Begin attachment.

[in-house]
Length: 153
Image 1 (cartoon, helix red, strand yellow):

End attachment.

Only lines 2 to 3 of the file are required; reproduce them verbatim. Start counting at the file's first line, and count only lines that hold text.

Length: 153
Image 1 (cartoon, helix red, strand yellow):